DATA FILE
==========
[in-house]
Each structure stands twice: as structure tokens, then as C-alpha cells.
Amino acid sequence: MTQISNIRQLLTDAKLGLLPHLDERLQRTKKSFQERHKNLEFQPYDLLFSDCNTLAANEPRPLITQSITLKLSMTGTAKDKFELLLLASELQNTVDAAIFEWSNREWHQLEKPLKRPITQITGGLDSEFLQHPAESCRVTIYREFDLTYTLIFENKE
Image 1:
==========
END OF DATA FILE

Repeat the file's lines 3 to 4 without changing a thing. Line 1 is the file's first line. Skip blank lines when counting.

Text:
Amino acid sequence: MTQISNIRQLLTDAKLGLLPHLDERLQRTKKSFQERHKNLEFQPYDLLFSDCNTLAANEPRPLITQSITLKLSMTGTAKDKFELLLLASELQNTVDAAIFEWSNREWHQLEKPLKRPITQITGGLDSEFLQHPAESCRVTIYREFDLTYTLIFENKE
Image 1: